August 27, 2018; Slate
The ACLU (American Civil Liberties Union) may have one of the largest war chests around, but that doesn’t mean the venerable nonprofit is immune from the lines being drawn in the times of the Trump presidency in America— especially when it comes to internal politics.
As Slate writer Mark Joseph Stern recently reported, the organization faces fresh criticism of its backing of a conservative group, and some of the loudest voices are coming from inside the building.
The latest discord stems from a National Rifle Association (NRA) suit against New York Governor Andrew Cuomo and the New York State Department of Financial Services (DFS), in which the NRA claims that Cuomo and the DFS’s politically-motivated actions have led to the NRA having trouble banking and buying insurance in the state.
The ACLU went to bat for the NRA by filing a friend-of-the-court brief on August 24th, arguing, according to a press release from ACLU Legal Director David Cole, that “targeting a nonprofit advocacy group and seeking to deny it financial services because it promotes a lawful activity (the use of guns) violates the First Amendment.”
“The state has asked the court to dismiss the case without even permitting discovery into the administration’s actions,” Cole says. “Our brief supports the NRA’s right to discovery on its First Amendment claims.”
Our position in this case has nothing to do with our opinions on the NRA’s policies—it’s about the First Amendment rights of all organizations to engage in political advocacy without fear that the state will use its regulatory authority to penalize them for doing so.
Substitute Planned Parenthood or the Communist Party for the NRA, and the point is clear. If Cuomo can do this to the NRA, then conservative governors could have their financial regulators threaten banks and financial institutions that do business with any other group whose political views the governor opposes. The First Amendment bars state officials from using their regulatory power to penalize groups merely because they promote disapproved ideas.
The ACLU’s decision promptly provoked criticism inside the organization, according to Slate, and that dissent included an email from the New York Civil Liberties Union urging the national office not to file the brief.
“Privately, some litigators fumed, concerned that the organization had needlessly tarnished its reputation by devoting limited resources to help the NRA, a formidable lobbying group with the means to defend itself,” wrote Slate’s Stern. “[The] brief marks the third time in about a year that the ACLU has come to the defense of conservative expression and incurred backlash among its own staffers.”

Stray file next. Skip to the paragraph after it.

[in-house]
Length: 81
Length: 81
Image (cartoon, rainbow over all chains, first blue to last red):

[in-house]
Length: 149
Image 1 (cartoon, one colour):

The ACLU has long cast its protection of civil liberties in a nonpartisan light, citing its defense of a Nazi march in 1978 under the First Amendment as a moment of notable organization history. The organization explains its stance this way on its website:
The ACLU is frequently asked to explain its defense of certain people or groups—particularly controversial and unpopular entities such as the American Nazis, the Ku Klux Klan, and the Nation of Islam. We do not defend them because we agree with them; rather, we defend their right to free expression and free assembly. Historically, the people whose opinions are the most controversial or extreme are the people whose rights are most often threatened. Once the government has the power to violate one person’s rights, it can use that power against everyone.
But, after defending a permit for a violent white supremacist rally in Charlottesville, Virginia, in 2017, the ACLU pledged to more thoroughly review legal requests from hate groups to ensure that future protests wouldn’t include loaded firearms. At the same time, the ACLU has been out in front of progressive groups with its work to spend millions of dollars in new donations on political races and Trump-related legal actions.
As Stern points out, the recent internal debate is part of a larger conversation about what civil libertarianism means today.
[The] fallout illustrates a fierce dispute within the organization over who deserves its aid during this violent moment in American history, as a resurgence of xenophobia and racism threatens vulnerable people across the country,” he wrote. “The rift is not only a conflict over resource allocation or bad publicity. It is a fight over the true definition of civil libertarianism in the Trump era. In the fierce backlash to the NRA decision, those who favor standing up for the marginalized—while letting the powerful fight their own battles—seem to be winning.
This story also presents a lesson for nonprofits navigating a new world of donor activism and political upheaval. It might be time to reframe your mission within the context of these changes, particularly to ensure your values are consistent and clearly articulated.
Stern argues that the ACLU’s work of yore means something different today: “The ACLU has long boasted that it defended Nazis in the 1970s,” he writes. “At the time, American Nazis seemed like vile but mostly harmless bigots. Today, both the president and his allies have embraced key elements of their white-supremacist ideology to varying degrees. And modern racists are able to demonstrate—and commit mass murder—with a terrifying arsenal of firearms, thanks in large part to laws promoted by the NRA.”
Although the ACLU hasn’t yet answered the questions its staff is asking, the conversation is a step in the right direction.—Anna Berry